Young Adult Literature Review: Truly Tyler by Terri Libenson

TRULY Tyler is the latest installment in Terri Libenson’s mid-level graphic fiction novel series, Emmie & Friends.

Each book focuses on a character that can be found in other parts of the series, including the protagonist of the first book in the series Invisible Emmie, and Becoming’s best friend Brianna the book before this one.

The books’ messages vary depending on the character and their individual struggles and passions, but within each of them there is an overwhelming and warm message about the value of being yourself, learning who it is and what it is. ’embrace every flaw and quirk that comes with it. This latest book is no different, addressing identity in relation to friendships and hobbies.

The book is based on Tyler’s return to school after winter break, mostly excited about two aspects of his day-to-day school life – basketball, which is nothing new is as well as he met all his closet friends; and his new love, art.

His basketball team doesn’t fully understand the passion he brings to the comic book contest he’s working on with his new friend Emmie. This conflict between art and sport begs the question of whether someone can enjoy both without sacrificing one for the other or even the friendships made through them.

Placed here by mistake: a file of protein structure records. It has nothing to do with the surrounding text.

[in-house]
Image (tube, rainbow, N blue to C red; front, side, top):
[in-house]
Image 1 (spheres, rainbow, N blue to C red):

While this theme isn’t entirely new, it’s a theme I’m happy to see introduced to a whole new generation, letting them know that personal identity isn’t defined by just one thing.

Part of the book is placed from the perspective of Emmie, an interesting and easily likeable character who always has a sketchbook on hand when inspiration strikes. She develops a crush on Tyler as they team up on their latest art class project.

The task is also a school competition that challenges them to create a compelling and creative story through the medium of comics, a story in which Emmie has some experience, demonstrated by the change in artistic style in her sections for a more traditional paneled look.

As the two reflect and grow closer, Tyler also prepares for an upcoming big basketball game and begins to find that in order to do one to the best of his ability, compromises have to be made with the other.

It adds a layer of excitement to what is otherwise an extremely character-driven story and allows you to read and encourage Tyler and Emmie to be successful in all of their endeavors.

It’s a heartwarming and important story about being truly told to yourself in a style that can speak to 12 to 14 year olds and the issues they may face without ever sounding like one. adult trying to convey a higher moral message. Instead, the characters feel like peers who can be talked to or who can be relied on. I would definitely recommend this and the rest of the series to young readers.


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